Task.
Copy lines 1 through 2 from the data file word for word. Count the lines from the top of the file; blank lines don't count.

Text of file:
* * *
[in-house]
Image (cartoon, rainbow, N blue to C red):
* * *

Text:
[in-house]
Image (cartoon, rainbow, N blue to C red):